Imagine there are pictures!
I didn't take any, because, honestly, unless you're a fellow rocketeer, you're only going to recognize the final product as a rocket! But, I've got the motor mount (massively overbuilt motor mount at that) installed in the Screamin' Green Meanie, and have the re-enforcing fillets drying. Also started construction on the Estes Big Daddy. Again, overbuilding the motor mount. Both of these have 24mm motor mounts, and I have a Rouse-Tech 24mm reload case. This means I can get some pretty powerful F-class motors in both these rockets, so they need the motor mounts overbuilt to handle them.
I've got my choices for L2 project down to 2. I just haven't made a final, final decision. It's a tough decision, and I don't want to make a choice and then immediately wish I'd gone the other way.
Before I ramble on about my 2 choices, an explanation of a few concepts in rocketry! You may have built a low-power Estes rocket before, for boy or girl Scouts, or 4-H, or similar. Or just for fun. Or not. Anyway, when one of these is launched, in order to get it back, a parachute is ejected by a small explosive charge in the motor. It just pressurizes the body and pops the nose cone off, pulling the parachute out, and letting the rocket come down safely. This is what's called "motor ejection" or "single deploy." It's used even in high-power, up to even L2 sized motors. It's simple, mostly reliable, and as long as you don't mind walking, you get your rocket back. Depending on how high your launch is, there is of course some drift as air currents carry the parachute-slowed rocket in the direction of the winds. But what if your launch altitude is, say, 8,000 feet? How about 16,000 feet? Heh.
Enter "dual deploy." With dual deploy, you use electronics - usually an altimeter - to deploy 2 separate recovery systems at predetermined times. The usual way it's setup is a small parachute (referred to as a "drogue" parachute) or even a streamer is deployed at or near apogee (max altitude). This slightly slows the rocket's descent, but doesn't allow for much drift, as the chute (or streamer) doesn't slow it a lot. Then, at a predetermined altitude (much lower), the altimeter fires off another charge, which deploys the "main" parachute, that slows the rocket to a safe touchdown speed. If you choose the main's deployment altitude correctly, you don't have to drive to the next county to get your rocket back. ;)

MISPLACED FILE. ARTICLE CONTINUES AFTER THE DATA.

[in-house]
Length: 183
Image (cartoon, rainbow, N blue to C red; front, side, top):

Now onto my L2 rocket choices/dilemma...
Everyone (and I do mean everyone) in the club is recommending the Performance Rocketry G3. It's a very good rocket. It's all G10 fiberglass - even the motor mount and nose cone. It comes standard setup for dual deploy, which is nice for high power K type motors which will push it to over 11,000 feet. Plus the learning experience of setting up dual deploy and the like would be cool. And, you can build it so you can convert between normal old-school motor ejection and dual deploy at will. So I wouldn't "have" to use dual deploy at all, until I'm ready / want to. I know, though, that the main reason people recommend that one is because it's L3-capable. L3 requires electronics/dual deploy, so you've got to get experience with that area of the hobby. I actually have no plans to go for L3 certification. The reload cost alone would mean that I could only fly at that level about once a year if that. And it just seems silly to do the research and documentation required to get the cert, if you're not going to use it often, or at all.
The other kit I'm considering for L2 is a more simple design, but one I like a lot. A Polecat Aerospace 5.5" Goblin. This is a simple, motor ejection based, 54mm motor mount rocket. Easy to build, very tough, and a definite MPR - L2 HPR workhorse. Kit cost is a little less. There's no provision for electronic/dual deploy, so if I end up wanting to get into that area of the hobby, I'd then need another kit (which would end up being... the G3). I like the looks of the Goblin design; it's a classic design that's available in every size from micro all the way up to gigantic L3 beasts.
So I'm not sure. A couple guys from the club are bringing their G3's to the meeting, to sell me on the kit, so maybe after I've seen the G3 in person I'll be more sold on it. It's not that I don't like the G3 at all, I'm just not sure I "need" it. Though, it is extremely versatile. Can fly it on a simple, cheap G with motor ejection, and then a few quick swaps and drop in a high end K with dual deploy and fly it to over 11k feet... Sure, the Goblin can fly on a K as well, but it's motor-ejection only so you're going to get drift. A lot of drift. :D
I'm probably going to make my long EVE Online post mid/late next week. I'm 1d 12h away from a Drake, and I'm definitely enjoying the depth of the game, even though I'm not playing a huge amount. Most of my gaming time is happily spent rampaging Norrath. :D Though lately not so much rampaging as harvesting things for a brat 10 year old from Village of Shin... Hehe. Kunark, hailed by almost everyone as the best content in EQ2, is only a few levels away for us, though! I can't wait to see what the fuss is about. Kunark in EQ1 was very cool, so I've got high hopes for Kunark-EQ2. Literally everyone that plays the game says it's the best content available. So, we'll see!